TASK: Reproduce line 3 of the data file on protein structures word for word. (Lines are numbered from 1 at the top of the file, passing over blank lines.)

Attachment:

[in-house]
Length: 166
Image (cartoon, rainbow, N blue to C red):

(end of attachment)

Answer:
Image (cartoon, rainbow, N blue to C red):